The First Artificial Heart was transplanted at the University of Utah in 1982.
On December 2, 1982 cardiothoracic surgeon William DeVries, MD at the University of Utah removed Dr. Barney Clark’s ravaged heart. It was replaced with the world’s first permanent artificial heart, known as the Jarvik-7, named after former U of U physician and inventor Robert Jarvik, MD. This aluminum and polyurethane device was connected to a 400-pound air compressor that would accompany Clark during the last 112 days of his life.
In 1982, such a drastic surgical procedure was akin to the significance of putting a man on the moon or seeing a different planet for the first time. Others equated it with Frankenstein-like aspects, raising bioethical questions and concerns.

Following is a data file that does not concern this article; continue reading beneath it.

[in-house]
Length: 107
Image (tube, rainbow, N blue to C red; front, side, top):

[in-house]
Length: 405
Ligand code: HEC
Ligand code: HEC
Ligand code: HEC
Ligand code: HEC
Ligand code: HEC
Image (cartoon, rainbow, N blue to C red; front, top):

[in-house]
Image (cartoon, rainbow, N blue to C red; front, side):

“The news about Barney Clark stunned the doctors by making headlines around the world”, Dr. Jarvik says. “Enormous public interest developed, and hundreds of reporters converged on Salt Lake City to cover the story, and the University began to give them daily briefings, which were completely uncensored. All medically significant events in the post-operative course were reported, successes and setbacks alike.”
The University of Utah achieved its research and educational goals with the success of that first seven-hour surgery and there were several more implantations of the Jarvik 7 heart over the next year. Soon after, it became a more widely used temporary total artificial heart, bridging patients to transplant.
Since 1982, more than 350 patients have used the Jarvik 7 heart, and it remains in use today.